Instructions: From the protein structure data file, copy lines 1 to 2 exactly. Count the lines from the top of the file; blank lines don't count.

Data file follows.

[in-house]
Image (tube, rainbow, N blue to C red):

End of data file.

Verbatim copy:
[in-house]
Image (tube, rainbow, N blue to C red):